|Carey Mulligan, Helena Bonham Carter, Brendan Gleeson, Anne-Marie Duff, Ben Whishaw, Meryl Streep, Natalie Press
|December 26, 2015
Time has a way of making past generations look very foolish. Women were once burned at the stake in Europe after being found guilty of “witchcraft”. Africans were once shipped to the United States and made to work as slaves on plantations. Jews were once persecuted and sent to gas chambers by the German Government. I often wonder how our current generation will be viewed with the benefit of hindsight.
Set in London 1912, Suffragette is centred on a group of British women pushing for the right to vote in national elections. They had been denied the opportunity to elect their country’s leaders since the passing of key legislation in the 1830s.
The film’s early sequences highlight the “culture” that was engrained at the time. A woman’s role was to find a husband, have children, and maintain a home. Those that worked found themselves in factory or domestic service jobs that offered long hours and low pay. There’s a scene where a Member of Parliament laments that “if we allow women to vote, it will be the loss of social structure.” It sounds like an outlandish statement but it was a view shared by many.
The drive for women’s voting rights encompassed several decades but screenwriter Abi Morgan (The Iron Lady, Shame) has focused her attention on a specific point along the timeline – the period just prior to World War I where the protests were becoming more violent and the issue was reaching a tipping point. Director Sarah Gavron believes it to be an important piece of history that isn’t taught it schools and is quickly being forgotten.
Morgan and Gavron have created a number of fictional characters that offer differing perspectives on the protests. The central figure is Maud Watts (Mulligan), a married woman with a young child. She’s reluctant to get involved but her passion and confidence grows after being introduced to other protestors including Edith (Carter), Violet (Duff), Alice (Garai), and union leader Emmeline Pankhurst (Streep).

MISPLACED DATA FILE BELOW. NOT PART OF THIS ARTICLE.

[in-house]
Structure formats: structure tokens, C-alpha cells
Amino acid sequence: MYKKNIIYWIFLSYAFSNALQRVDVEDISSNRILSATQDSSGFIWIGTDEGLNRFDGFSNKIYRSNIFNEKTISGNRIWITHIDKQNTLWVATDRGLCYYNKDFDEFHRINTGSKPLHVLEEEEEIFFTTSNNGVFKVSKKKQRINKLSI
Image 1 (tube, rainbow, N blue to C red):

It’s a little hard to buy into Maud’s transformation from unwilling nobody to a highly-regarded heavyweight but the film does a great job illustrating her emotional pain throughout the process. She spends time in prison, is ostracised by her husband, and loses custody of her child. It’s a big price to pay and there are several moments where she questions her own judgement.
The film’s other thought-provoking theme is the way it explores the methods adopted by the protestors. Realising that peaceful marches were not making an impact, several of the women took more radical action by cutting telephone wires and bombing letter boxes. Some saw it as a chance to increase media attention about their plight. Others were worried that these destructive actions might push supporters away. As one of the film’s best characters, Brendan Gleeson (The Guard) plays a police officer torn between upholding the law while also being sympathetic to the views of the protestors.
Suffragette highlights how much the world has changed for the better over the past century. However, it also highlights there is still much room for improvement.